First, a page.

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by Clayton A. Chan, D.D.S. – Founder/Director of Occlusion Connections, Las Vegas, NV
Within the field of dentistry there are certain criteria by which functional health can be monitored, measured and quantified to access a patient’s physiologic masticatory health and/or dysfunction (impairment) whether a patient’s dental system is stable or not. Physiologic standards of homeodynamics of the masticatory system which includes the teeth, all the muscles of mastication and the temporomandibular joints ) have been recognized within the dental community for the past 50 years and must no longer be ignored by the dental healthcare professional.
“No one notices when things go right.” This simple homily underlies the fact that 95% of the US healthcare economy is allocated for direct medical care, and only 5% is allocated to health improvement.1
As in the field of medicine there a certain standards that every medical doctor recognize and uses as standards in determining the health of a human being. Vital signs are measurements of the body’s most basic functions. The four main vital signs routinely monitored by medical professionals and health care providers include the following:
- Body temperature – The average normal body temperature is generally accepted as 98.6°F (37°C). Some studies have shown that the “normal” body temperature can have a wide range, from 97°F (36.1°C) to 99°F (37.2°C). A temperature over 100.4°F (38°C) most often means you have a fever caused by an infection or illness.
- Pulse rate – A normal resting heart rate for adults ranges from 60 to 100 beats a minute. Generally, a lower heart rate at rest implies more efficient heart function and better cardiovascular fitness. A well-trained athlete might have a normal resting heart rate closer to 40 beats a minute.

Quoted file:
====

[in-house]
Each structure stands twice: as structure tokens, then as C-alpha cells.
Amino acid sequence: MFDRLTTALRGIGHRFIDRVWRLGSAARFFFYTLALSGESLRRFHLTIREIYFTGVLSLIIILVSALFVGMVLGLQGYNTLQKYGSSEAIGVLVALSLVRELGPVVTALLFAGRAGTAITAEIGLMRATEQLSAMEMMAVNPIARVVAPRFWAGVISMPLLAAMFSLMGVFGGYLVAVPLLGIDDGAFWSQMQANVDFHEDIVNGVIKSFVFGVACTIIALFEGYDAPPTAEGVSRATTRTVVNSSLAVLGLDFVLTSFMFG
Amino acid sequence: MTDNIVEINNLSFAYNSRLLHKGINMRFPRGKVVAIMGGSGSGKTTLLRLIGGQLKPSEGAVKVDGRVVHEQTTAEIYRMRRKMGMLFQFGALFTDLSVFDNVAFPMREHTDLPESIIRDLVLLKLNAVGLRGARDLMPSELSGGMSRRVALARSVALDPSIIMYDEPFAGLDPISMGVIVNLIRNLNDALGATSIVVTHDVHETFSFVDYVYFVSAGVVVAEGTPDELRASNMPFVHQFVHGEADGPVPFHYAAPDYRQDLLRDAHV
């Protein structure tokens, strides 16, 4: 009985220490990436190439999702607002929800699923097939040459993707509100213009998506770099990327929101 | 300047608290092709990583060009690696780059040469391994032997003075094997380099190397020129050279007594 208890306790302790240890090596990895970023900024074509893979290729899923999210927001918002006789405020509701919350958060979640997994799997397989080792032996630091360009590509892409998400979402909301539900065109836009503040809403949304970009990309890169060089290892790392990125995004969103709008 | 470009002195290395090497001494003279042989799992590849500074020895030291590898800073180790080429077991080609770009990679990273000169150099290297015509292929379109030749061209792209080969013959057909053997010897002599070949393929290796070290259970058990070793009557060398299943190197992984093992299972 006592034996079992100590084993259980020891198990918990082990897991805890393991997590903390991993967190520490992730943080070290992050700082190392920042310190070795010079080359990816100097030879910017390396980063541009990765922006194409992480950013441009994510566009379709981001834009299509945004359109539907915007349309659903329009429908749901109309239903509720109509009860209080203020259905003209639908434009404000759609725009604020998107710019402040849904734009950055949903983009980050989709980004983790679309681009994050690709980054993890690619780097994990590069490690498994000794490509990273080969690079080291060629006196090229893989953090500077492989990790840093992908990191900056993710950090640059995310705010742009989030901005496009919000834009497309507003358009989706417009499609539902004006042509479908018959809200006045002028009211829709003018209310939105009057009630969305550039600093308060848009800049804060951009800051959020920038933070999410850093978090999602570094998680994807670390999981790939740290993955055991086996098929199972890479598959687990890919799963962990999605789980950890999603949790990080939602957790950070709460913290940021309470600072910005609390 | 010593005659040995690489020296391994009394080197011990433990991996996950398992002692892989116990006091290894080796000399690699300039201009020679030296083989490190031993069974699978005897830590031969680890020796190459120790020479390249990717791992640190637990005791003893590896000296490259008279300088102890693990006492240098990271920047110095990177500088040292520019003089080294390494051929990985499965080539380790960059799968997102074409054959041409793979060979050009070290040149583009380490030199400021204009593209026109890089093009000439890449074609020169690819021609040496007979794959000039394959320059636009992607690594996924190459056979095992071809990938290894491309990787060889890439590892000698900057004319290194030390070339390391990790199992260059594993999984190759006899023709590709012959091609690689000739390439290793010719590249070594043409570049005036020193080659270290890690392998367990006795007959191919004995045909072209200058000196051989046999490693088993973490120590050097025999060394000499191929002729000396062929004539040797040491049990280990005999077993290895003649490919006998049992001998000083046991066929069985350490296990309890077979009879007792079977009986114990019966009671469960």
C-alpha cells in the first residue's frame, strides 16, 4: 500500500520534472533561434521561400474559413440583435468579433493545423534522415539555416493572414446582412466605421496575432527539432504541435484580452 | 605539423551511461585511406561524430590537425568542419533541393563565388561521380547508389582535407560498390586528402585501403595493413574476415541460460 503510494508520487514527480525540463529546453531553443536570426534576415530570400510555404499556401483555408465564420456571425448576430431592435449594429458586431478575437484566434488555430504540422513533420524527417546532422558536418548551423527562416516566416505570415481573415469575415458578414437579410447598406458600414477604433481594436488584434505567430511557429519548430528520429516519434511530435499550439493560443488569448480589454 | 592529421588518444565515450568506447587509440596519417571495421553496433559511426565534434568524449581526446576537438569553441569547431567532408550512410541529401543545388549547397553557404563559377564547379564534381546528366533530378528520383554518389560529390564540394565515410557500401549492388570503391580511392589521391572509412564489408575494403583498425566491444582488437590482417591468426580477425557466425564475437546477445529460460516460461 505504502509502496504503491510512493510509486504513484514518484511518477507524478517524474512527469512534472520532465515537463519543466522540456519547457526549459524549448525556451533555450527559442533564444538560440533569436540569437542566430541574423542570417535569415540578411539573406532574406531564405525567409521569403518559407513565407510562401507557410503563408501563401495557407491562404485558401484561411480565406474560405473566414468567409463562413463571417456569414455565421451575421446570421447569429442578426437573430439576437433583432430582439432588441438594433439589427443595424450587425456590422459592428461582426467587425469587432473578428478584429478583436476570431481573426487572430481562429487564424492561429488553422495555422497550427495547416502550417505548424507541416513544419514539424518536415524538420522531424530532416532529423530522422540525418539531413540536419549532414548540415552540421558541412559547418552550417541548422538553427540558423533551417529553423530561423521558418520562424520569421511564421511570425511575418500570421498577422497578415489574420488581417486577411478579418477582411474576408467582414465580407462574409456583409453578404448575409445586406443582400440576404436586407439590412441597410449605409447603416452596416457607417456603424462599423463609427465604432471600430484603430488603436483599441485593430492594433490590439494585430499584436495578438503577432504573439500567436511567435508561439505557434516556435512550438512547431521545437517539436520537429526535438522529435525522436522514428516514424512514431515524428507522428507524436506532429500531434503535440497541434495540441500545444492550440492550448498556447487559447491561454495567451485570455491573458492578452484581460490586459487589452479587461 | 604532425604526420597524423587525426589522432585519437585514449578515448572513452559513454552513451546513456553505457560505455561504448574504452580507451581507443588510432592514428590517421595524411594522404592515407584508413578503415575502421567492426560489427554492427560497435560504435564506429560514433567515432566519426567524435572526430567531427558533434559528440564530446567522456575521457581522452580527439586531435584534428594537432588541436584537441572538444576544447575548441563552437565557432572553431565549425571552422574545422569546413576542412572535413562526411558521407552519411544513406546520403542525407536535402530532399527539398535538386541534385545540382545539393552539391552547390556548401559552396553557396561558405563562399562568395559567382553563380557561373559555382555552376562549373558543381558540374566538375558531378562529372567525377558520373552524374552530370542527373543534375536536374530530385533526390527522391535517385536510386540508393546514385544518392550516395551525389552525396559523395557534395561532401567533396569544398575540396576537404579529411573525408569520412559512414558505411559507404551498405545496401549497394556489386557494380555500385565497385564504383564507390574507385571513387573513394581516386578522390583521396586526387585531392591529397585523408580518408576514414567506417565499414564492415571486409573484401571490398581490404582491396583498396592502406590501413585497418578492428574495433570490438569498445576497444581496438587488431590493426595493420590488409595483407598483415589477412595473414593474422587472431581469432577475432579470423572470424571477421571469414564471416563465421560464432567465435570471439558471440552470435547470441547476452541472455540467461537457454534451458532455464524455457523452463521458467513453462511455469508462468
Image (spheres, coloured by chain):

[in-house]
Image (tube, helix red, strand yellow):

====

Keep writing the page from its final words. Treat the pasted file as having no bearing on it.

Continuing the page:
- Respiration rate (rate of breathing) – Respiratory rate: A person’s respiratory rate is the number of breaths you take per minute. The normal respiration rate for an adult at rest is 12 to 20 breaths per minute. A respiration rate under 12 or over 25 breaths per minute while resting is considered abnormal.
- Blood pressure (Blood pressure is not considered a vital sign, but is often measured along with the vital signs.) – More than 120 over 80 and less than 140 over 90 (120/80-140/90) is a normal blood pressure reading. A little higher than it should be or lower one should make healthy changes to your lifestyle.
DETERMINING THE STABILITY OF A DENTAL PATIENT
Functional assessment tools exist, ranging from electromyography (EMG) which measures the activity in muscles in microvolts. Functional computerized mandibular scanning (jaw tracking/ CMS) accurately measures the motion and range of movement of the mandible in function in tenths of millimeters. Functional electrosonography (ESG) accurately measures and locates TM Joint sounds in function. It measures sound vibrational patterns in microV/division, amplitude, duration and frequency activity levels.
Consideration of the healthy state leads directly to an estimate of the functional capacity of the organisms stability. The recognition that there are optimal maximums vs. dyfunctional minimums is intrinsic to an effort to assess the amount of health an organism possesses. Health not only exists at the basal resting state but also exhibits substantial reserves. Such reserve relates clearly to the need for any organism to have a functioning ability levels to operate within normalized physiologic resting and functional parameters of health.
A multi-dimensional means of observing typical signature patterns, confirming hidden injuries, incorporates the clinicians expert skills, knowledge and training to visualize and conceptually grasp the functioning or dysfunctioning of body parts, organs, and neurovasomuscular systems while utilizing to the fullest extent the physical findings that form the clinical examination of each patient is key to assessing physiologic dental health.